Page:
What has changed?

No fundamental or major sea change – the rules remain essentially the same


Greater fiscal pressure and generally more joined-up approach by Spanish Tax Authorities on taxation matters

Much greater fiscal pressure on Spanish tax residents as a result of the recession and the economic crisis and the need for the Government to raise additional revenues, evidenced by e.g. a general increase in income tax rates – up to 52% in Andalucia. Other recent measures:

  • Re-introduction of Wealth Tax
  • Capital Gains Tax increased to 52% in respect of disposals within one year of ownership (otherwise up to 27% for residents and 21% for non-residents)
  • Concentrated drive to deal with tax fraud – largely as a result of greater collaboration between countries and exchange of information
  • New reporting obligations on Spanish residents – duty to disclose foreign assets (essentially, three categories of assets: foreign bank accounts, investments and shareholdings in foreign companies and held through trusts and overseas owned property, e.g. house/flat in the UK) in excess of €50,000 per category of asset. New deadline of 31 March 2014 in respect of relevant foreign assets held as at 31 December 2013.

Who is "Resident" in Spain

  • Residence is the KEY driver of liability to Spanish taxation
  • Common misconceptions (which do not by themselves constitute residence for tax purposes):
  • Certificate of registration as an EU citizen with the Spanish Registry for Foreigners

    • NIE
    • Driving Spanish plated cars
    • Ownership or renting of property in Spain (but Non Resident Income Tax may be payable on the deemed income arising from the ownership of a Spanish property)

Definition of "Residence" for Spanish tax purposes

  • Double Test (either will suffice):

    • More than 183 days residence in Spain during the calendar year (January to December) or
    • Main centre of activity or economic interests is based in Spain whether directly or indirectly
  • Sporadic or temporary absences will not interrupt residence
  • Presumption – that an individual will be resident in Spain if his/her (non-legally separated) spouse and minor dependent children have their habitual residence in Spain, subject to proof to the contrary
  • Special rule applicable if claiming residence in a tax haven country (e.g. Gibraltar) – need to prove actual residence in that country for more than 183 days in the relevant tax year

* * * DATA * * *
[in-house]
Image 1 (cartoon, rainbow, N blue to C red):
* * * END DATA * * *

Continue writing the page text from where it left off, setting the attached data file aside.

Proof of Residence

How can residence be proven?

  • No hard and fast rules – each case treated on own merits based on totality of evidence available
  • No definitive "sleeping overnight" test – (as per new statutory definition of residence in the UK) but sleeping overnight will be an indicator of a connecting tie to Spain
  • No good to say 183 days away from Spain – without proving residence in another country for more than 183 days
  • Certificate issued by the Tax Authorities of the country where taxes are being paid will normally suffice (but by itself will not be sufficient if claiming residence in a tax haven country)
  • OECD Model –mere physical presence in Spain may suffice

Give-away signs

  • Spouse living in Spain and minor children at school in Spain
  • Permanent home in Spain
  • Home utility bills – consumption of normal utilities on a daily or regular basis
  • Spanish plated car(s)
  • Regular use of Spanish credit cards and Spanish resident bank accounts
  • Spanish mobile telephone
  • Use of Spanish public healthcare facilities
  • Empadronamiento – registration with the local authority that you are living in the area

Implications of Spanish residency for tax purposes

  • Spanish Income and Capital Gains Tax on worldwide income and gains (including possible liability to Spanish CGT where there may be no liability to CGT in the country where the relevant asset is situated, e.g. disposal of main residence in the UK), subject to Double Taxation Treaty relief
  • Spanish Wealth Tax on net worldwide assets
  • Spanish Inheritance Tax (SIT) on net worldwide assets inherited by a resident beneficiary, regardless of where the assets are situated – SIT will be payable by the beneficiary and not by the estate. There is no "surviving spouse" exemption on inherited assets as per English law
  • Annual reporting obligation on certain overseas assets held or owned by the resident person in excess of €50,000 Euros per category of asset, essentially: bank accounts, shares and other investments held in foreign companies and real estate held outside Spain - new deadline date of 31 March 2014 in respect of relevant assets held as at 31 December 2013
  • The reporting obligation by itself does not trigger a liability to tax but any declared asset may be liable to Spanish taxation in the future
  • Required to file a Resident Income Tax Return by 30 June in respect of the preceding tax year


The content of this article is intended to provide a general guide to the subject matter. Specialist advice should be sought about your specific circumstances.